Another year, another year-end list. Though the world is still falling apart, America is once again re-learning the folly of its corrupt, dumbass two-party system, and the vinyl pressing schedule is beyond fucked, we had some pretty good music. My personal favorite genres, grind and death metal, have been dropping banger after banger. We had some nasty doom this year too. Hardcore and mathcore dropped a ton of neck-snapping slabs as well.
Also, shows are back in the States! I christened the moment by going to a basement goregrind show and drinking PBRs where clothes were optional. It was a blast and there were many blasts. Made some new friends and joined some bands. Looking forward to actually playing some shows in 2022.
Quick disclaimer before we move forward. It is probably December when you read this. There is an admitted difficulty in accessing something I have had since the second week of November vs something I have had since early January. If you asked me next year in April for my favorite records of '21, there would be some changes/rearrangements. But I don't call the shots on when these get posted. Take care and make sure to check my column The Monday Grind, which, because of me, gets published infrequently.
Alright, let’s get down to the good stuff.
15. 夢遊病者 – Noč Na Krayu Sveta
Starting this thing off weird. This Russian/Japanese/American project (Sleepwalker) has been putting out some of the most interesting music in extreme metal. Though they are often billed as an experimental black metal band, that is only scratching the smallest of surfaces. There is a ton of ambient, psychedelic, and experimental elements that pull through. The album is only two tracks, both clocking in at 14 minutes and 30 seconds. It is the kind of album one listens to when they wanna see the idea of music get molded into the strangest of shapes. One of my favorites for long solitary walks at night.
14. The Body – I've Seen All I Need To See
Dense/blown out/miserable/noisy/heavy. I've Seen All I Need To See is one of this year's most underappreciated records and is one of my top three records by this band. January releases tend to be forgotten about but this one landed on a steady rotation for me. The Body captures inner darkness well and on this, it lumbers with heavy shoulders and rumbly static. There is something very gray and overcast about this record. But in its gloom, it is gorgeous.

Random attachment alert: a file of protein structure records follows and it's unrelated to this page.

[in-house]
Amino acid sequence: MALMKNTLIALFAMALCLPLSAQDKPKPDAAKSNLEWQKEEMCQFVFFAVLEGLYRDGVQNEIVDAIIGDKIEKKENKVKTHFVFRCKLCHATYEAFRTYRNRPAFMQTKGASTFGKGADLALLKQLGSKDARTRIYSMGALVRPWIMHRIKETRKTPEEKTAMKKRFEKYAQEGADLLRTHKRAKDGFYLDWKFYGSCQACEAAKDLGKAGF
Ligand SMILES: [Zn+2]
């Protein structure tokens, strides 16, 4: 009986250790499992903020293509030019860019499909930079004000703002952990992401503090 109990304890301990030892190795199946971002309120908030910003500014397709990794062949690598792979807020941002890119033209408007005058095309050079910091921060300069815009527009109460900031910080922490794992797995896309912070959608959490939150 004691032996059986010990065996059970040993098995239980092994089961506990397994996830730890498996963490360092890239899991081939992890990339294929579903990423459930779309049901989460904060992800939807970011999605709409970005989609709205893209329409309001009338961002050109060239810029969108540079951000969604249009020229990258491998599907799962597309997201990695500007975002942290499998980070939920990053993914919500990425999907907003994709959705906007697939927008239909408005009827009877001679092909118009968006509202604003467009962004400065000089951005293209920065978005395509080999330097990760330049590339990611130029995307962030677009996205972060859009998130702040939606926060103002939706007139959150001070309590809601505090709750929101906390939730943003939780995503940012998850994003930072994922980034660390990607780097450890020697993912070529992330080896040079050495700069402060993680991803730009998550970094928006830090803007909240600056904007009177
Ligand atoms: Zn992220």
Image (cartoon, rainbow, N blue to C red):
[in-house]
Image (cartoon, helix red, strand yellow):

13. Gravesend – Methods Of Human Disposal
There could not be a more perfect alt-soundtrack to Escape From New York. Gravesend's debut record is simply a nasty, brutish piece of grind and black metal with plenty of crust to go around. Maybe the best way to describe this record is concrete. Every aspect of this record has a rough, jagged surface and for almost the entire duration Gravesend throws slab after slab at the listener. Add in some synth work to the mix and
12. Cannibal Corpse – Violence Unimagined
Death reigns supreme these days. And for further evidence of that, I would direct you to the latest Cannibal Corpse record as to the whys. The riffs, the production, the brutality—this record everything that makes death metal fun. On top of that, Cannibal Corpse has one of the most consistently good discographies in the genre. Personally, I think they went above and beyond with this record. Everything on here is vicious and blood-soaked in just the right way, and incredibly catchy.
11. Despondent Moon – Enshrouded In Eternal Moonlight
Released in the first week of the frigid month of January, this was Despondent Moon's only album this year. Though the project is only two years old, it has four full-lengths to its name. The one person UK black metal project is a balancing act between icy synth atmospheres and torrential blizzards of riffs, drums, and howls. Enshrouded In Eternal Moonlight is Despondent Moon's strongest album yet. Raw, but like a moonlit, snow-capped haunted house. There are moments of serene beauty and moments of throat-tearing aggression.